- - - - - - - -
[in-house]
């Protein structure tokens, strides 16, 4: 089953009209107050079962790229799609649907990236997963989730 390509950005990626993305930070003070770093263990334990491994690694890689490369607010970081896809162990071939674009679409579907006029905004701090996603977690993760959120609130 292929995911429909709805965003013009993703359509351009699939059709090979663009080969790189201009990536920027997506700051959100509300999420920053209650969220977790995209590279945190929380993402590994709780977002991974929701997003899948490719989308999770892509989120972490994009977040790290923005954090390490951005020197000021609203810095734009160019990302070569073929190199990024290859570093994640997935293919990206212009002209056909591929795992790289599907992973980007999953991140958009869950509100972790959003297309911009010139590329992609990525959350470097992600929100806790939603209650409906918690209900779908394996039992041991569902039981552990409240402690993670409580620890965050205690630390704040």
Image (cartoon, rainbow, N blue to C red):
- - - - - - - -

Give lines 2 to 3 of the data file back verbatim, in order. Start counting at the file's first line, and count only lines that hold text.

């Protein structure tokens, strides 16, 4: 089953009209107050079962790229799609649907990236997963989730 390509950005990626993305930070003070770093263990334990491994690694890689490369607010970081896809162990071939674009679409579907006029905004701090996603977690993760959120609130 292929995911429909709805965003013009993703359509351009699939059709090979663009080969790189201009990536920027997506700051959100509300999420920053209650969220977790995209590279945190929380993402590994709780977002991974929701997003899948490719989308999770892509989120972490994009977040790290923005954090390490951005020197000021609203810095734009160019990302070569073929190199990024290859570093994640997935293919990206212009002209056909591929795992790289599907992973980007999953991140958009869950509100972790959003297309911009010139590329992609990525959350470097992600929100806790939603209650409906918690209900779908394996039992041991569902039981552990409240402690993670409580620890965050205690630390704040």
Image (cartoon, rainbow, N blue to C red):